Next SFF Author: Emily St. John Mandel
Previous SFF Author: Mathias Malzieu

SFF Author: Nick Mamatas

Nick MamatasNick co-edited the magazine Clarkesworld for two years, which was nominated for the Hugo and World Fantasy awards. Stories from Clarkesworld have been collected in a pair of anthologies. Nick’s own short stories have appeared in literary journals such as Mississippi Review online, subTERRAIN, and Per Contra, slicks including Razor and Spex, and fantasy and horror magazines and anthologies including New Dark Voices 2, Poe’s Lighthouse, ChiZine, and Lovecraft Unbound. His fiction has been nominated for the Bram Stoker awards three times, the International Horror Guild Award, and Germany’s Kurd-Laßwitz Preis. His reportage and essays have appeared in the Village Voice, The Smart Set, H+, Clamor, In These Times, various anthologies. With Kap Su Seol he translated and edited the first English edition of a firsthand account of South Korea’s Kwangju massacre–Kwangju Diary (UCLA Asian Pacific, 1999). Nick now lives in the California Bay Area, where he is editor of tradebooks for VIZ Media and edits both Japanese science fiction novels in translation and books associated with Oscar-winning filmmaker Hayao Miyazaki’s Studio Ghibli.
Click here for more by Nick Mamatas.



testing

I Am Providence: A smart, dark, funny Lovecraftian mystery

I Am Providence by Nick Mamatas

“On any other weekend, my body would have been discovered more quickly.” 

Panos Panossian is not the kind of a guy to let the mere fact that he is dead stop him from narrating; even if his first-person narration starts after he’s been killed, and is a faceless corpse in a cabinet in the morgue. That quote is the opening sentence in I Am Providence, a multi-genrebending novel by Nick Mamatas.


Read More



testing

The People’s Republic of Everything: An experimental collection

The People’s Republic of Everything by Nick Mamatas

I don’t know if I simply wasn’t in the right mood for Nick Mamatas’ short-story collection The People’s Republic of Everything (2018), or if I’m not the right audience for his preferred themes and overall style, but this book and I just could not mesh.

There was one story, “Tom Silex, Spirit-Smasher,” which gripped my attention and had everything I look for in short fiction. The story focuses on Rosa Martinez, whose elderly grandmother might — through quirks of legality regarding her first marriage and the question of ownership of her first husband’s pulp publications — own the rights to a series of stories revolving around psychopomp Tom Silex.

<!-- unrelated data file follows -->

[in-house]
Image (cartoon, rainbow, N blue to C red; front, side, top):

Read More



testing

Sabbath: It’s strange. It’s interesting.

Sabbath by Nick Mamatas

I don’t always agree with Nick Mamatas or his views on humanity, but I think he is one of the most interesting writers working right now, and Sabbath (2019), while it’s strange, is definitely interesting. The story behind the story is interesting and a little strange too. Sabbath (2019) is a novelization of a graphic novel called Sabbath: All Your Sins Reborn, by Matthew Tomao, which does not seem to be well known or much admired on the internet.


Read More



testing

The Planetbreaker’s Son: Excellent introduction to this multi-faceted writer

The Planetbreaker’s Son by Nick Mamatas

PM Press’s Outspoken Authors imprint published The Planetbreaker’s Son (2021) by Nick Mamatas. The slim book includes the titular novella, the SF story “Ring, Ring, Ring, Ring, Ring, Ring, Ring,” a personal essay called “The Term Paper Artist,” and an interview with Mamatas hosted by Terry Bisson.

Honestly, the quirky interview with these two guys was worth the price of the book for me.

In a brief statement at the beginning of “Ring,


Read More



testing

Magazine Monday: Tragedy and Comedy

Crossed Genres, a magazine published online, digitally and in print, has a unique approach to genre fiction: every month it chooses a genre and requires that the stories it publishes that month combine the chosen genre with some aspect of science fiction or fantasy. Issue 27 offers a mash-up of science fiction and fantasy with tragedy. Surprisingly, none of the five short stories uses the traditional tragic element of a hero with a fatal flaw, which would seem tailor-made for SF and fantasy. Instead, the writers simply write stories that end in sadness.


Read More



testing

Magazine Monday: Bull Spec #5

Bull Spec is a print and electronic science fiction and fantasy glossy magazine named for its home of Durham, North Carolina. The word “Bull” seems to have become associated with Durham because of a tobacco factory in the city, which itself took the name from the picture of a bull that appeared on the label of a mustard that the tobacco factory owner believed was manufactured in Durham, England; it’s all very complicated, but at least we know that the magazine’s name is based on where it is published. The publisher, Samuel Montgomery-Blinn,


Read More



testing

Magazine Monday: Clarkesworld, September 2012, Issue 72

Clarkesworld Magazine is a monthly electronic publication with a strong focus on science fiction, though it also publishes fantasy. In addition, it has an unusual emphasis on nonfiction. The September issue, No. 72, contains three stories, all of which are science fiction, two nonfiction articles, and an interview.